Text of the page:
Black Hambleton Loop

The weather has been astonishing when George Renwick (The Governor) sends me a note, “Black Hambleton Loop, it’s about seven miles, are you in?”

Well, who could resist an offer like that so I’m parking up at Square Corner past Chequers near Osmotherley on the North York Moors? There’s a small but adequate free parking area with no facilities and our trusty crew is milling about readying themselves for what looks like a very pleasant evening walk. 



After a brief period of ribald remarks and mickey taking, we’re all ready and begin to walk towards Hawnby on the road. The weather has been hot and the road has melted in parts revealing the black tar that normally binds the small stone chippings but now floats them. It also allows the heady smell of hot tar which is both irritating to the nostrils but also pleasant in a strange sort of way. It also triggers memories of my early working years when the county was called The North Riding of Yorkshire and I was an apprentice towards the end of my indenture period so allowed to work unsupervised. 


Over 50 years ago I started an apprenticeship with the North Riding County Council and one of my duties was to maintain the tar sprayers or repair the tractors or other plant associated with road or verge maintenance. During the summer I’d be called to every corner of this beautiful county and the smell takes me back to Central Depot in Northallerton where the Bedford CA van would be prepared with the tools and spares to deal with the call-out and more besides. 

This model of van had sliding doors that could be fastened back so that it could be driven with them open. Sometimes the loop that would hold the door open would not be secured and the driver would often be holding on to the windscreen frame with their right hand whilst steering the van with the left. If the brakes were applied, even gently, the door would come sliding forward like the blade of a guillotine and the back of the hand and fingers would be almost unusable for the next few days. Seat belts were a new device and looked upon as more of a hindrance than a life-saving feature so were rarely worn. They’d been mandatory fittings from 1968 but it wouldn’t become compulsory to wear them until 1983 and according to statistics at the time that would mean another 15,000 deaths and hundreds of thousands of injuries would occur until then. All of that was a mystery to us of course and we’d drive about on hot summer days with both of the sliding doors tied back to allow maximum air into the hot cab. Whilst the downside was the possibility of falling out with dire consequences, the upside was the cool breeze and changing smells that would drift into the vehicle as I drove along the beautiful byroads of our magnificent county.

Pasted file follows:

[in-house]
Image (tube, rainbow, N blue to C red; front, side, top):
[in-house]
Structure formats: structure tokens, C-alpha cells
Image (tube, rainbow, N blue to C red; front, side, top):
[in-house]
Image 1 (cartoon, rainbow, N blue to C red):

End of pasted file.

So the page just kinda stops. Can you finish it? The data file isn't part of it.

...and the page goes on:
There were some disadvantages too. The main one was that driving without a seatbelt coupled with an open door was a potent combination that a teenager would fail to recognise as dangerous. Falling out was high risk and the consequences dire; even at slow speeds a ton of van and tools without a driver could take out a bus queue or half a school with ease but shamefully, we still drove the things without a thought. Another disadvantage was that at fifty miles per hour with the doors open it was nearly impossible to light a cigarette (there were no cigarette lighters fitted to vans then). If we did stop to light up and then accelerate back up to speed, a whole cigarette would last no more than fifteen seconds so the irony was that if we were killing ourselves by smoking the door would be shut so the rest of society was safe!

In April and May, there’d be blossom from the blackthorn, hawthorn, cherries, various fruit trees in the orchards and the glorious lilac. The lilac was above all else, it filled the air and I was addicted to it, if there was a lilac bush near the job I’d drift along to breathe the sweet smell and go back for a top-up from time to time throughout the day.  In a later change to my life after some seriously late nights studying and new qualifications, I moved from plant-fitting to computer science so my life changed and I loved it. I was at a conference in Prague followed by a visiting professorship at Ostrava University in what was then Czechoslovakia. That wonderful lilac smell was omnipresent and still transports me back to the walk through the woods in Ostrava feeling nervous but looking forward to teaching the profs about the network we’d supplied. (I’ll put a link to that tale at the bottom of this page). But that will be in a new life a few years from now…